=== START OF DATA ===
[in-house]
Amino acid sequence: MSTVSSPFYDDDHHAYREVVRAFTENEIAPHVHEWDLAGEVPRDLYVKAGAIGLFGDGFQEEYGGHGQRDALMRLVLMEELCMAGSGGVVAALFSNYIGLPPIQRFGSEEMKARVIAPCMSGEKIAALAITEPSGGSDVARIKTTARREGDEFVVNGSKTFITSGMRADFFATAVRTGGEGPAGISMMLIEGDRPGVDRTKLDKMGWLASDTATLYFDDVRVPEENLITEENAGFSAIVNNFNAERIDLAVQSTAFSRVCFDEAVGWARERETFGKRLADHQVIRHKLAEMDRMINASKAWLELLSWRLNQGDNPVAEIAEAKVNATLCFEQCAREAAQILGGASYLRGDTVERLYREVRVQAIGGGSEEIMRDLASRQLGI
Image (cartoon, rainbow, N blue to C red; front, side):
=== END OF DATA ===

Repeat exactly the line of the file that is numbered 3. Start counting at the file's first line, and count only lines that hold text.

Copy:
Image (cartoon, rainbow, N blue to C red; front, side):